"Don Pedro — like farmers across Georgia — is worried that the state's tough new immigration law, set to take effect July 1, is scaring away an [undocumented] labor force.
"Don Pedro said his job has never been so tough, nor workers so scarce. His boss had told the state Labor Department he needed pickers, but he had received no responses. He wasn't surprised, even though the jobless rate in Irwin County was 13%. Few here believe that native Southerners, white or black, wish to return to the land their ancestors once sharecropped or tended in bondage."
"'Both black and white students lost an opportunity because of the state’s decision, and both deserve this aid,' said Brenda Edwards, who administers the Brown v. Board of Education Scholarships for the Virginia Division of Legislative Services. 'White people hear Brown v. Board, and they think they’re not eligible. We’re trying to change that perception. . . . We want more people to get the education they missed out on years ago.'”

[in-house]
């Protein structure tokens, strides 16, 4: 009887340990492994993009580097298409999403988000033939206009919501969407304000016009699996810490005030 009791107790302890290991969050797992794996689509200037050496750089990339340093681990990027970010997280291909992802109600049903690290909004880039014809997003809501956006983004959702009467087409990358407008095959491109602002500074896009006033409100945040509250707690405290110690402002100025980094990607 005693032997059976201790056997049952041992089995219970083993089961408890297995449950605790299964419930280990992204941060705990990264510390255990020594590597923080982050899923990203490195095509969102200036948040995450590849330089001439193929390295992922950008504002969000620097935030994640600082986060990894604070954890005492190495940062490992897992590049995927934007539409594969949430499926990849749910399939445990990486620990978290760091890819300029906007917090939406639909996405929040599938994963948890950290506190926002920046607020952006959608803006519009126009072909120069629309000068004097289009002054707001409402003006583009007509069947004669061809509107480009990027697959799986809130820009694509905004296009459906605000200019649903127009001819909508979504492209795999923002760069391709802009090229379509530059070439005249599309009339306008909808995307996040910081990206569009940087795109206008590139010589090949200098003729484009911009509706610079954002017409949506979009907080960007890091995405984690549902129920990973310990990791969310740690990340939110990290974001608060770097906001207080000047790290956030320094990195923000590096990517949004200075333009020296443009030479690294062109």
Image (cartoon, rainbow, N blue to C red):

"Phyllis Archer, 57, a scholarship recipient who is black, said the push to include white students in the program is misguided. 'This was the state’s chance to apologize for wrongdoing, not to award people who have never known racism,' Archer said."
"Cain expressed frustration that the quote he gave ThinkProgress about not appointing Muslims to his administration is still haunting him."
Usually, I'd blow off Erin Aubrey Kaplan. But this op-ed may be a step up for her. –AJP
"But putting aside the question of whether Obama is in a position to do much of anything, can principles of assimilation and black unity coexist at the top? Can they coexist at all? The big unstated fear among many blacks, including West, is that Obama will turn out to be yet another disappointing black politician, one who readily articulates the needs of those at the bottom but doesn't ultimately address them. That's a crisis of another color."
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